‘Religious Nationalism’ looks like a Lernaean-Hydra with two heads, well separated, but working in unison. This image can be interpreted by deconstructing two fundamental notions that shaped the traditional understanding of nation and nationalism, in accordance with Western parameters. On the one hand, it is possible to reconsider this mythic association from the perspective of the principles una religio, in uno regno (one religion, in one realm) and cuius regio, eius religio (whose realm, his religion), as emerged after the Peace of Augsburg in 1555, which ended the first German religious conflict between Catholics and Protestants within the Holy Roman Empire. On the other, it transmits the idea that a nation belongs to a unique ethnos with a definite geography – an idiomatic language – while religion represents a strategic cultural repository from which to select themes and traditions that allow nationalism to ‘imagine’ the existence of an immutable nation, which in turn could acquire the profile of a ‘religion’. These two aspects did not diverge. The tendency to impose a sharp separation and distinction between them is frequently artificial, failing to understand when religious identity became ‘nationally’ salient and vice-versa. Indeed, blurring together ethnos (a group of people with a common descent) and religio (binding or linking them together again) concurs to conceptualize the ‘nation’ and the state which, in turn, coalescing and overlapping, give sense to nationalist ideals and their historical incarnation,4 forging the identity and large-scale political solidarity of a nation (natio, ‘native’) with the aim of creating, legitimizing or challenging a state. Accordingly, this broad spectrum of possible interconnections, overlapping and coalescing between these concepts, describes the trajectory of a process that constantly redefines the relationship between politics and religion within the public space, the understanding of the nation and the realm of the state.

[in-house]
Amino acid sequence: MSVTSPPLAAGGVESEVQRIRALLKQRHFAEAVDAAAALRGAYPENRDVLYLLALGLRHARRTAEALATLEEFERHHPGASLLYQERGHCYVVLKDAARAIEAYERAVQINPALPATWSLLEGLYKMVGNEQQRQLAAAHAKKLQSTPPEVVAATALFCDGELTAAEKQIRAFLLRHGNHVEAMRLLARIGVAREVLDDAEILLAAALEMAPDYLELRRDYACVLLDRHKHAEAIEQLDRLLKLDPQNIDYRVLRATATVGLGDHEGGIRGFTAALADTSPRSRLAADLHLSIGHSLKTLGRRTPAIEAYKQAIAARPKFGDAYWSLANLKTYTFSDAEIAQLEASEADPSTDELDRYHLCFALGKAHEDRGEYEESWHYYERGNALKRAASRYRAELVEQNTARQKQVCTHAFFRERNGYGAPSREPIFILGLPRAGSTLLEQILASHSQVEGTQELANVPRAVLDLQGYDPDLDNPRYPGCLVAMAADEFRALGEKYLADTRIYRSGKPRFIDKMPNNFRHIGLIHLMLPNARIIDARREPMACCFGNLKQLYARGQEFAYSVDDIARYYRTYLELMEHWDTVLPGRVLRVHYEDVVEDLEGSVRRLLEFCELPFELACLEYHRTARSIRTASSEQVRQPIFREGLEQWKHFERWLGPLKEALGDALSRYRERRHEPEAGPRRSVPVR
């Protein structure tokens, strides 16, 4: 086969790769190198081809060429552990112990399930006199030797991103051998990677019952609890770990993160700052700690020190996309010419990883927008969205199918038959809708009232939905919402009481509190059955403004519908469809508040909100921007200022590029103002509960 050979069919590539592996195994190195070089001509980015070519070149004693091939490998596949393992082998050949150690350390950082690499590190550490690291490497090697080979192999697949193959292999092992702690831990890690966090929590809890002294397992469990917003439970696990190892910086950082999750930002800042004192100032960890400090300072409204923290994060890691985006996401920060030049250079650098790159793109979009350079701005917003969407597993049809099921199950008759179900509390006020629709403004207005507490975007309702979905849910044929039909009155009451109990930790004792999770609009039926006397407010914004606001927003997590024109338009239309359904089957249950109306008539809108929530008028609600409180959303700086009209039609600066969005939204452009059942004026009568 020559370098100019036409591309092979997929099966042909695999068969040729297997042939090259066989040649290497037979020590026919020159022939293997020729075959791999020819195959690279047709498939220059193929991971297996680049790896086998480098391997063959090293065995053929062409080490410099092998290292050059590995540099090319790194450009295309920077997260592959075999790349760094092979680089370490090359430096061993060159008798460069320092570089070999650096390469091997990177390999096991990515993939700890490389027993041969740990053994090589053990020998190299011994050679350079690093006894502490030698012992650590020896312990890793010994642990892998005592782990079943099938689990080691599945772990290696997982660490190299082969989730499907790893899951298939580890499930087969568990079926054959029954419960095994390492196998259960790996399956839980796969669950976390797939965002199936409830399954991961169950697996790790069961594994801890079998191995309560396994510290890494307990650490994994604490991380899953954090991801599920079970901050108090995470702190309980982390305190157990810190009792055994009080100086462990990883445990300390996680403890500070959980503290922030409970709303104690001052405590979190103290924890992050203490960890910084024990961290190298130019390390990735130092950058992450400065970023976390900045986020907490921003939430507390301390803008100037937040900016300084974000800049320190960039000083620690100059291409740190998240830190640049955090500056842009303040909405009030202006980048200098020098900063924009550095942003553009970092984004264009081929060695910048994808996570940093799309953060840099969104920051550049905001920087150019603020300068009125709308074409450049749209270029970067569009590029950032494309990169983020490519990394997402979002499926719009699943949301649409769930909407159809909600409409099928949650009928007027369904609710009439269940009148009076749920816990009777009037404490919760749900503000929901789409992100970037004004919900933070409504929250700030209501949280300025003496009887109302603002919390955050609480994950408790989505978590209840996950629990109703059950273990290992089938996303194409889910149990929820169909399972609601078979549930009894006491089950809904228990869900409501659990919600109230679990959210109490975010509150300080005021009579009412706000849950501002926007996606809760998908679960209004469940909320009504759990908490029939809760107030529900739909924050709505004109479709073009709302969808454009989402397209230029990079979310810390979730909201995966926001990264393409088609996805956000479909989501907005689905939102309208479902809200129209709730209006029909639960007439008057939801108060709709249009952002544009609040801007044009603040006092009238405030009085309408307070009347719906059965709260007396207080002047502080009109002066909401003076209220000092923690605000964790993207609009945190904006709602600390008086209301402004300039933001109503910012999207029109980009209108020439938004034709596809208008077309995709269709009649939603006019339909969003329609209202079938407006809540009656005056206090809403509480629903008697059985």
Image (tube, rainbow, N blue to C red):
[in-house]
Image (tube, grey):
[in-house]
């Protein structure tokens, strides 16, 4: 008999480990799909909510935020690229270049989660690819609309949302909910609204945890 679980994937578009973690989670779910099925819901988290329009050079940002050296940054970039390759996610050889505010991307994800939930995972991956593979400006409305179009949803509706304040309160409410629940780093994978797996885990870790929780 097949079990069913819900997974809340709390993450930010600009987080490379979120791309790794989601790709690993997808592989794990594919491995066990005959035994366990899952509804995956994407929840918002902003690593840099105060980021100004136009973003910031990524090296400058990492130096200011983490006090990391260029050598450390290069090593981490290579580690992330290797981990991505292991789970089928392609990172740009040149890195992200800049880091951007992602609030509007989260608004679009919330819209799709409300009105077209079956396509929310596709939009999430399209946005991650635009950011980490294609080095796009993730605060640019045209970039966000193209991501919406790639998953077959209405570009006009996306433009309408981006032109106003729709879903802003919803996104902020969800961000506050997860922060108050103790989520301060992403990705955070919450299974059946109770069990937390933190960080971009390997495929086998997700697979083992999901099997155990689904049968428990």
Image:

|Titolo della pubblicazione ospite||The Struggle to Define a Nation: Rethinking Nationalism in the Contemporary Islamic World|
|Numero di pagine||15|
|Stato di pubblicazione||Pubblicato - 2017|
- Islamic world
- Middle East
- Political Islam
- Religion and politics